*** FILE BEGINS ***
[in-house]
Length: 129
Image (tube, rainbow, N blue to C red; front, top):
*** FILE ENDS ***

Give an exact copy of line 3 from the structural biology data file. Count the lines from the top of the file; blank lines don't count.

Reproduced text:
Image (tube, rainbow, N blue to C red; front, top):